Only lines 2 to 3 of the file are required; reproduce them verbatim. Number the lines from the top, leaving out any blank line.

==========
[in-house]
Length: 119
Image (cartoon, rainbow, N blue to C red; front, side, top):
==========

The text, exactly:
Length: 119
Image (cartoon, rainbow, N blue to C red; front, side, top):